Ray Hall QPM has taken early retirement and is enjoying life as a full-time adventurer. His steed of choice is the Super Ten, but what does he make of it?
I owned two bikes prior to this one, a Yamaha XT660 Tenere (2008) and a BMW R1200GSA (2009). I bought the BMW as the Yamaha; despite being a very good bike, it just wasn’t big enough to take my wife Karen and I around the world for several years in reasonable comfort. When Yamaha announced the Super Tenere, I was one of the first to order it, unseen and online. This may sound a little rash to some, but having enjoyed many happy years of Yamaha ownership and the quality of the XT660Z, I was confident that the XT1200Z would live up to its ancestry; I was not to be disappointed.
Time owned: eight months Mileage: 3,500 Maintenance costs: £0 (Oil and filters supplied free for first 12 months; DIY service) I like: The ease and safety of use I dislike: The screen, panniers and sump guard In a line: A “thinking man’s adventure bike”- a fitting quote from Sp!ke, one of Yamaha’s Ride for Life testers. It’s a good choice for big trips. The bike will look after you when you’re knackered and you need to self service.
On my return from the 2010 Isle of Man TT, I collected the bike with most of the Yamaha farkles already attached, including the ones that came with it as part of the original purchase. Before even sitting on the bike I changed the tyres for TCK80s, so I still don’t know to this day what it handles like on stock tyres! I also had the Yamaha ‘big’ screen fitted and have never used the stock screen either. Even so, I can tell you that the ‘big’ screen is pathetic – as is the stock one I understand, so nothing gained there. Both screens are the same height, but the ‘big’ one is a bit wider and more laid back. The wind hits the middle of my helmet, which prevents me from opening my visor at any time, and on top of that the turbulence hits the top of Karen’s head, which invariably gives her a headache after some miles.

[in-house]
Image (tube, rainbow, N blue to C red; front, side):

Photo: Ray Hall
With the knobbly tyres on, I’ve found the bike looks after me in the dry as well as the wet. Both the ABS and TCS work so un-obtrusively in fact that I only know they’re in use by the light on the dash. The Yam’s ABS makes some of the other big trallies seem almost Neanderthal in comparison. I took the Super onto my in-laws’ farm and tried the brakes out on a steep, wet, grassy slope and the bike stopped dead, very quickly, without any drama at all. I later tried this same manoeuvre on long, loose gravel down hills in Spain and the result was the same. I’ve played about with the Yam’s traction control on the wet grass, too, and its performance was just as impressive. In mode one it will nurse you out of trouble and in mode two it will allow a small amount of slide and then stay put. It lets me ride like the pro I am not. My one complaint with the Yam’s off-road setup would be the gearing. First is a bit too high for use in the rough stuff, but this is offset by its ease of use; more on this later.
Lastly, the lights on the Yam are brilliant. They only have one filament and when ‘dipped’ an eyelid-like shade closes over half of the lamp. This means there is no pause when switching from high to low. They are also very bright. I’ve added the Yamaha driving lamps, which aren’t going to help it win any beauty contests but which work very well. Another flaw in the Yam’ aesthetics are the switches used for the extra lamps and heated grips, which look very aftermarket, and the grip control attached to the wing mirror mount, which sticks out in the wind. I’ve moved this unsightly carbuncle to a more practical position under the clocks. Why these switches aren’t integrated as on other big trallies, I don’t know.